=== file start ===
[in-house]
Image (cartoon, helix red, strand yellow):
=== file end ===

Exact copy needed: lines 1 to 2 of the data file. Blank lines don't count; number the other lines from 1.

[in-house]
Image (cartoon, helix red, strand yellow):